2. Get Zach back on track

There are two distinctly different trains of thought when it comes to LSU's quarterbacks in this game: One is to get the game into backup Anthony Jennings' hands as soon as possible to get him experience, and two is to let starter Zach Mettenberger regain some confidence after two less-than-stellar weeks in a row. Let me save you some time and tell you which one LSU always opts for under Les Miles (see above bolded statement). But, in this particular instance, it does at least make some modicum of sense. Against Florida, Mettenberger was 9-of-17 passing for 152 yards. Against Ole Miss: 19-of-33 for 274 yards and one touchdown to go with three first-half interceptions.

For LSU to make any noise the rest of the season, and keep up with the scoring fest that will ensue versus A&M and could happen at Alabama, Mettenberger and the passing game will have to click at a level much more reminiscent of the first six games in 2013. It's my expectation that Miles and Cam Cameron will leave Mettenberger in for a full three quarters versus Furman. That's a lot of time not going to Jennings, so it needs to be worth it. As for Jennings, he's thrown one pass this season for 11 yards. I give him a puncher's chance at replicating those numbers in two or three series' worth of fourth-quarter run on Saturday night, possibly a little more. But this game under center will be more about reasserting Zach then getting the future ready.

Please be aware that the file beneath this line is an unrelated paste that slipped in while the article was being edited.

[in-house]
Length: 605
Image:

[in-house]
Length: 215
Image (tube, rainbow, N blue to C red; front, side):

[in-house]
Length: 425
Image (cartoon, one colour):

3. Keep things light for the starting O-Line

There are a lot of places on the field where LSU could use a healing weekend, and, considering the upcoming bye week, it's paramount those areas (and specific players) get the benefit of the full two weeks and don't re-injure themselves against Furman. That is the case at wide receiver with Jarvis Landry and defensive end with Jordan Allen, but it's most glaring along the offensive line for the Tigers. Last week in Oxford, left tackle La'el Collins had to leave the field briefly with an injury (making way for Evan Washington) as did center Elliott Porter (true freshman Ethan Pocic subbed in for Porter).